Is undergraduate otorhinolaryngology teaching relevant to junior doctors working in accident and emergency departments?
Journal of Laryngology and Otology
949 - 951.
Available under License : See the attached licence file.
Undergraduate ENT teaching provides junior doctors with skills and knowledge useful for the practice of medicine. However, ENT has been removed from the curriculum of nine of the 29 medical schools in the United Kingdom, as it was not deemed relevant to general medical practice. A telephone survey was performed of 20 senior house officers working in accident and emergency (A&E) departments across the United Kingdom. The results showed that 90 per cent felt their undergraduate ENT teaching was directly beneficial to working in A&E, 75 per cent felt they had not received enough undergraduate ENT teaching and 45 per cent currently received no postgraduate teaching whilst working in A&E. These results illustrate the importance of ENT teaching in the undergraduate curriculum and its value to practising doctors. They highlight the fact that prospective studies are required to examine the effect on junior doctors of changing the curriculum.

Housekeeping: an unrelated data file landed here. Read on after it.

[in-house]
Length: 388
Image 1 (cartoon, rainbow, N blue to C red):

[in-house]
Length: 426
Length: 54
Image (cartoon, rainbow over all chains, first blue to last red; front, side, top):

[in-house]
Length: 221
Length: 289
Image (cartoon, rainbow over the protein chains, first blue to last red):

|Title:||Is undergraduate otorhinolaryngology teaching relevant to junior doctors working in accident and emergency departments?|
|Open access status:||An open access version is available from UCL Discovery|
|Additional information:||Copyright Cambridge University Press 2006|
|Keywords:||Attitude of Health Personnel, Education, Medical, Graduate, Education, Medical, Undergraduate, Emergency Service, Hospital, Great Britain, Humans, Medical Staff, Hospital, Otolaryngology|
|UCL classification:||UCL > School of BEAMS > Faculty of Maths and Physical Sciences
UCL > School of BEAMS > Faculty of Maths and Physical Sciences > Science and Technology Studies
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